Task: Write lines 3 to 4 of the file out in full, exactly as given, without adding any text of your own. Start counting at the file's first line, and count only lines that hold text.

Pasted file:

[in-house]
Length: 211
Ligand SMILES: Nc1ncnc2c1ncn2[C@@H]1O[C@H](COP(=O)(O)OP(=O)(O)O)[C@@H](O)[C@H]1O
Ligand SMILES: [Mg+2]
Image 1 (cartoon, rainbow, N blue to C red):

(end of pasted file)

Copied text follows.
Ligand SMILES: Nc1ncnc2c1ncn2[C@@H]1O[C@H](COP(=O)(O)OP(=O)(O)O)[C@@H](O)[C@H]1O
Ligand SMILES: [Mg+2]